The Best Home Theater Systems

Maybe you’ve gone out and splurged on a high-end TV only to realize its internal speakers are dinky. Or maybe you’re more interested in building the (wo)man cave of your dreams. Regardless of your motivations, it’s not uncommon to dread the act of researching, buying, and installing a home theater system on your own. Truth is, though, it doesn’t need to be such a daunting task. With a little help on the research side (that’s us), you can get yourself an easy-to-install system with modern features (like Bluetooth) for a reasonable price. Below, we’ve chosen a few systems that are well-priced, produce high-quality audio, and are user-friendly enough for the everyday Joe or Joanne to install without breaking a sweat.

After reading this post why not checkout all the Home theaters we have to offer.

The Best Home Theater Systems

Rockville HTS56 5.1-Channel Home Theater System

Best Overall

Rockville HTS56 1000w 5.1 Channel Home Theater System/Bluetooth/USB+8" Subwoofer

Rock solid performance

This 5.1-channel system may not blow your mind, but it’ll blow other similarly priced competitors out of the water.

Touting two front speakers, two rear speakers, a center speaker, and a subwoofer, this system provides everything you need to set up a surround-sound system at home. The best part? It costs less than a fancy dinner for two at that overpriced new haunt in town. Capable of doing battle with sound systems twice its price, when it comes to Rockville, we say buy a ticket on this train while there’s still room.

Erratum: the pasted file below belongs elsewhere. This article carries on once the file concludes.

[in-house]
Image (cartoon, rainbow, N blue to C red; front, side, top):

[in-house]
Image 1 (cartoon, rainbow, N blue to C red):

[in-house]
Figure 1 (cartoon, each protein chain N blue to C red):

• Syncs with Bluetooth
  • Remote is intuitive and reliable


  • Audiophiles: we know. This one’s not for you.
  • Speaker wires could be a bit longer

Polk Audio 5.1 Home Theater System

Best With Towers

Polk Audio 5.1 Channel Home Theater System with Powered Subwoofer |Two (2) T15 Bookshelf, One (1) T30 Center Channel, Two (2) T50 Tower Speakers, PSW10 Sub | Alexa + HEOS

Speakers that tower above most

Looking for a bundle with tower speakers? This is one of the best ones money can buy.

Few names in the game are as well-respected as Polk. With nearly a half-century’s worth of success under their belt, the folks at Polk have demonstrated that they simply know what they’re doing. If you’re looking for a 5.1 system that can reproduce the whole frequency range accurately and do it at a more-than-reasonable price, here’s your pick.


  • Crisp and dulcet high-end frequencies
  • The system is quite easy to install, even for those with minimal tech know-how. This makes it a great gift for parents and older folks
  • Heavy-duty construction ensures the system’s longevity


  • If you have big pets at home, you’ll want to make sure the towers are secured so that your pets don’t knock them over

Polk Audio MagniFi Max SR Home Theater

Best Compact Size

Polk Audio MagniFi Max SR Home Theater Surround Sound Bar | Works with 4K & HD TVs | HDMI, Optical Cables, Wireless Subwoofer & Two Speakers Included Black

Raise the bar

Looking for a more streamlined setup? Keep it simple, silly.

With a wireless subwoofer, two wireless surround speakers, and a soundbar, this compact system offers a convenient surround-sound solution to those living in tight quarters. The patented Stereo Dimensional Array surround-sound technology creates a realistic soundstage in which each source seems sonically distinct. You don’t have to be an audiophile to know that when your system’s audio output sounds all blended together, that’s not a good thing, and this one ensures that’s not the case. Oh, and on top of that, you can use your TV’s remote control with this one, rather than having to add another annoying remote to the collection.


  • Works very well for dialogue
  • Installation is simple thanks to the plug-and-play configuration